Genius Products // 2007 // 273 Minutes // Not Rated
Reviewed by Judge Dylan Charles (Retired) // September 4th, 2008
Warning: Bad Hair Days and Food Fights.
After the success of Meerkat Manor, it was only a matter of time before Animal Planet tried their hand at another show following a similar format: animal antics in soap opera setting, that is. And so Orangutan Island was born as camera crews follow a group of orangutans around and film their lives. But the question remains: Does Animal Planet have another original hit on their hands or is this just a lifeless, unoriginal copykat? See what I did there, switching the "c" with a "k" so it's like meerkat? That's komedy gold.
Deep in the jungles of Borneo, the solitary orangutan is losing its forest habitat to loggers. It's becoming harder and harder for them to live their nomadic lifestyle. And as a side effect of the logging, more and more orangutan babies are becoming orphaned as their mothers are killed off by either poachers or from loss of food.
Enter Dr. Lone Dröscher-Nielsen and her forestry school that takes in wild orangutan orphans and trains them in the ways of the wild. She shows them how to care for themselves (what to eat, what to avoid, where to sleep) so that eventually they can live free.
The problem is there are precious few places for the orangutans to go. So she takes them to a special island and sets them loose in the hopes that these orangutans can go against their solitary natures and develop their own society.
What follows over the course of 17 episodes is the first year of their lives
in the wild.
* "New Beginnings"
* "The Intruder"
* "Lessons Learned, Lessons Lost"
* "Growing Pains"
* "Orangutan 911"
* "Eaten Alive"
* "House of Cards"
* "River's Rewards"
* "Rumble in the Jungle"
* "Who rules?"
* "Many Happy Returns"
What keeps Meerkat Manor and Orangutan Island distinct and separate animals is the fact that they're not really designed for television. Both were born out of research and conservation projects that would have happened regardless of the television crews. They're nothing alike beneath a shallow resemblance. So really, my question in the Opening Statement was just a cheap hook with little factual merit. I apologize.
I was immediately drawn to the show just based on its premise. The idea of teaching a species how to build a society in order to survive seems like such an astonishing idea to me and then watching them go about it was even more so.
The camera people and the narrator do a good job of keeping the viewer informed about what's going on at all times, which is good since it's hard to tell the individual orangutans apart at first. But by the end of the season, I was able to spot a few of the major players on my own. Each orangutan has their own distinctive personality, like Reno's aggressive bullying, Saturnus's clowning around or Jordan's eccentricity, and it doesn't take long to become emotionally involved in their attempts to live free in the wild.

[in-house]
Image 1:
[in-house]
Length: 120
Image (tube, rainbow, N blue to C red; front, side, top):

It's difficult to talk about Orangutan Island without comparing it to Meerkat Manor, so I'm not going to even bother. Meerkat Manor is an almost relentlessly cruel and harsh show, which makes sense considering it takes place in the Kalahari Desert. Babies die, characters are torn limb from limb and life is a constant bitter struggle to survive.
Orangutan Island is a gentler, less stressful show. For me anyway. While the orangutans are living out in the wild, they are still under the constant care of Dröscher-Nielsen and her team. It gives the show a friendlier atmosphere. Until Cha-Cha starts pretending a deadly coral snake is a whip. Or when Nadi gets bitten by a deadly pit viper. So there is still an aura of danger and excitement permeating the whole thing, which doesn't really come across with the narration. At times, the narrator is a little too cutesy and cutesy makes me itch. I don't really need the narrator to talk for the animals; it's the kind of thing that provokes eye rolls and groans rather than righteous laughter.
And there's also an annoying level of repetitiveness. It's not enough that they do a recap before each episode, but there are constant flashbacks to previous events throughout the whole thing. While this was probably less of a nuisance while the show was on the air, it becomes a little insulting to have them remind me of something I just watched ten minutes ago and to do so repeatedly. I get it, Chen-Chen lost his eye when he was a baby. It's kind of obvious without being told that.
The location looks equal parts beautiful and deadly. Vivid green jungles; murky, opaque water; neon colored snakes and of course, the bright orange orangutans make for a lively display. There are some color problems with transfer, I'm pretty sure Lone Dröscher-Nielsen is not tinged yellow.
And there are no extras to speak of, short of a small clip with Lone asking for donations for her project, which could help save the lives of many more orangutans and keep the project going for years to come. If you wanted to know more about that, I'm sure you could find that information here: redapes.org.
Orangutan Island is a well-made look at a fascinating project. The idea behind Lone's island is so compelling, that it's a great opportunity for an audience to see the shaping of a community first-hand. It would be interesting to come back in twenty years or so to see what has sprouted from the seed Lone planted on Orangutan Island.
Orangutan Island is not guilty and is treated to a meal of live, wriggling catfish.
Review content copyright © 2008 Dylan Charles; Site layout and review format copyright © 1998 - 2014 HipClick Designs LLC
Scales of Justice
Studio: Genius Products
* 1.78:1 Anamorphic
* Dolby Digital 5.1 Surround (English)
Running Time: 273 Minutes
Release Year: 2007
MPAA Rating: Not Rated
* Official Site